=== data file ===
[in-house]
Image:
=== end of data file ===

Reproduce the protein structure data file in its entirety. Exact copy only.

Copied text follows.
[in-house]
Image: